However, it didn’t take schools very long to get completely the wrong end of the stick. What was a summative assessment tool became a formative one. The rise of the spreadsheet was unstoppable; sub-levels were invented by many and the spreadsheet confirmed its place as the dominating location of assessment across all subjects in the vast majority of schools. The results of this careless and unthoughtful approach to assessment are still evidenced in many schools today. You can find examples on classroom walls, in departmental plans, in units of work, lesson plans and, most frustrating, in the content of discussions between staff and parents at consultation events (which we’ll be fined for not attending in the future apparently).
It has taken around 12 years to partially undo the damage, but there is a still a long way to go. Ofsted’s recent pronouncement on the TES Resources website provides some clear advice. Here’s a key paragraph:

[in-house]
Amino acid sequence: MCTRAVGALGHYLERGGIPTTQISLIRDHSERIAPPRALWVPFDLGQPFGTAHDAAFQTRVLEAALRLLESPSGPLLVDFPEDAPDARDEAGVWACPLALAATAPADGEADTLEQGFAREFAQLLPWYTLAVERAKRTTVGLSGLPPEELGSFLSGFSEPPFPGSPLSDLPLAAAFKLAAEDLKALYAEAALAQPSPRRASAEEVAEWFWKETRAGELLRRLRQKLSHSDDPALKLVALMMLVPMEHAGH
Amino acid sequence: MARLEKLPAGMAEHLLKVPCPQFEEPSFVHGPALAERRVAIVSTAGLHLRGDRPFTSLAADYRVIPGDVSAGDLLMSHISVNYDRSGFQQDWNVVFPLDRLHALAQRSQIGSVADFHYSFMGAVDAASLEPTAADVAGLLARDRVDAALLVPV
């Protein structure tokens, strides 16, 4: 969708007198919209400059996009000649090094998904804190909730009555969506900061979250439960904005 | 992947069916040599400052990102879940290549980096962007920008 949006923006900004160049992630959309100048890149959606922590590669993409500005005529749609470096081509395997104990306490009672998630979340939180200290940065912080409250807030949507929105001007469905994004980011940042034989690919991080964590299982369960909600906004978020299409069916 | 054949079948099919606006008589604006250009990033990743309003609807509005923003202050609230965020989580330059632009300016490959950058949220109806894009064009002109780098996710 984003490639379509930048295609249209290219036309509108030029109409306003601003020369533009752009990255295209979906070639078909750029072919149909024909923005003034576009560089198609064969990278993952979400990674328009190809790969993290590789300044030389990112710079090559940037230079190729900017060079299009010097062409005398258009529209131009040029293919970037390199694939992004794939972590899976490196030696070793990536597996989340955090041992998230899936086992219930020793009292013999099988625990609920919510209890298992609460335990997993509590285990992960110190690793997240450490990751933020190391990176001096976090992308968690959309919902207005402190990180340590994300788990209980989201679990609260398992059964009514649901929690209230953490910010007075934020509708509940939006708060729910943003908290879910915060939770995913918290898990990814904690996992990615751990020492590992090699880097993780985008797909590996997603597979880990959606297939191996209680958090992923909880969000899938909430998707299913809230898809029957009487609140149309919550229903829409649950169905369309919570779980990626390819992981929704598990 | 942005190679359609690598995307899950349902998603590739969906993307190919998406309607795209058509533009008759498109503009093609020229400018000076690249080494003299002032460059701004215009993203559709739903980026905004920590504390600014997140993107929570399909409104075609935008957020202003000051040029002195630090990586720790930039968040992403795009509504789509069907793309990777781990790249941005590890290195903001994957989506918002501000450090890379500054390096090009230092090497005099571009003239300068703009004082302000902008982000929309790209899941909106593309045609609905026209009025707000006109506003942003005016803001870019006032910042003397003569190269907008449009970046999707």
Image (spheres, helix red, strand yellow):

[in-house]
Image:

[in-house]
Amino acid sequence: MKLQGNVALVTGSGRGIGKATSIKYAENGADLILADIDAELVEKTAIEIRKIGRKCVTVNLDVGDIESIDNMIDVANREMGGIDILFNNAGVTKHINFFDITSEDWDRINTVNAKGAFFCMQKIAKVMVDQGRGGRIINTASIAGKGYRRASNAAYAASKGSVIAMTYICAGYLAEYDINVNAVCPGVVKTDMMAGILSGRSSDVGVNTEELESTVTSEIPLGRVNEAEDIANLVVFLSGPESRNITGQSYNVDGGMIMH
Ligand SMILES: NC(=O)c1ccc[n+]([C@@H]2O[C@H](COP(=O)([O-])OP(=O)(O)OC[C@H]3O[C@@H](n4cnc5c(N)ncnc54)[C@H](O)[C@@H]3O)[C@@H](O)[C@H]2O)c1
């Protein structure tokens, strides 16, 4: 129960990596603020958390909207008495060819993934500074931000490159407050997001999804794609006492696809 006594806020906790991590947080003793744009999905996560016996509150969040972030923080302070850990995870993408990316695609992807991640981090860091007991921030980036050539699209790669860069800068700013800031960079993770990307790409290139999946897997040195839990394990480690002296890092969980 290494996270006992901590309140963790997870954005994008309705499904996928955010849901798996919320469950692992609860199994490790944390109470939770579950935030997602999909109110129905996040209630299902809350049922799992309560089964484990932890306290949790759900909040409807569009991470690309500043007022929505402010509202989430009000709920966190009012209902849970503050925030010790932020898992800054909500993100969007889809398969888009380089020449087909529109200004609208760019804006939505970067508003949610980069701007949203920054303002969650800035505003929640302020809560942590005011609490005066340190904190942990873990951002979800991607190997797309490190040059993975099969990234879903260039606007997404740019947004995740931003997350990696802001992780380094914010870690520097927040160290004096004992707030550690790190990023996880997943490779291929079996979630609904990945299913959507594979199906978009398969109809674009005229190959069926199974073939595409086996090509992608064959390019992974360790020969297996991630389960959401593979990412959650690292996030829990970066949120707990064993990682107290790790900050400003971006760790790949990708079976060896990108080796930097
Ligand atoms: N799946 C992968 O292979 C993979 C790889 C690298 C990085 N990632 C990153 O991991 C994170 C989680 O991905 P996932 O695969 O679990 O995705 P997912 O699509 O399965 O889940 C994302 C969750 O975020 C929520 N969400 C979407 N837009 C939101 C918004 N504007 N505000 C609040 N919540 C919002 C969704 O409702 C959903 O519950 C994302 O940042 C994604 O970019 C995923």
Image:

Therefore, using levels and sub levels to try to prove pupils’ ongoing progress in music doesn’t work, as Ofsted has pointed out many times. It is usually superficial, time wasting and neither reliable nor valid. It is most certainly not any kind of ‘Ofsted requirement’. To be absolutely clear, our inspectors do not expect to see it. There are no, and never were, sub levels in music anyway, for good reason.
A powerful creative act cannot be contained by a neat spreadsheet of numbers and letters. As national curriculum levels disappear, I’d ask you respectfully not to replace them with another set of numbers.
All good? No. Sadly, I suspect that this advice will go unheeded by many. Why? Partly because the message will be missed unless Ofsted publish this formally and send it as a communication to all schools; but mainly because recent Government policy (and their complete lack of support for the new National Curriculum to be taught in schools from September 20014) has created an assessment vacuum into which I suspect several things will happen:
- Schools will continue to do what they think works, particularly because the future of Key Stage 4 curriculum change is so uncertain and they can only deal with a limited number of things at any one time;
- The opportunity for a subject specific discourse of assessment will be squeezed even further as schools seek to present a ‘coherent’ (read this as ‘limited’ or ‘straightforward’) solution that they can justify to outside agencies (principally Ofsted itself). Ofsted, whilst offering a solution, is a major part of the problem too;